Where’s the snow? It’s at a 500-year low in California’s Sierra Nevada mountains
This story was originally published by The Huffington Post and is reproduced here as part of the Climate Desk collaboration.
California’s record multiyear drought is severe, but new research suggests that, historically, it may be even worse than previously thought.
In a paper published Monday in the journal Nature Climate Change, researchers, calling their findings “an ominous sign of the severity of this drought,” found that the snowpack in California’s Sierra Nevada mountain range is at the lowest it has been for more than 500 years.
What’s worse is it may become the new normal in California.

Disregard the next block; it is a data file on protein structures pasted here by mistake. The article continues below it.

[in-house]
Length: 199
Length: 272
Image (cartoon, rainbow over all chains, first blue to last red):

The combination of increased temperatures, low precipitation, and record-low snowpack in the state altogether “suggests that the occurrence of much reduced snowpack is likely to be less rare in the future than it has been over the past half-millennium or longer, meaning less storage of water as snow,” Eugene Wahl, co-author of the paper and scientist at the National Oceanic and Atmospheric Administration, told The Huffington Post.
NOAA posted these NASA satellite images of the Sierra Nevada Mountains on their web... Read more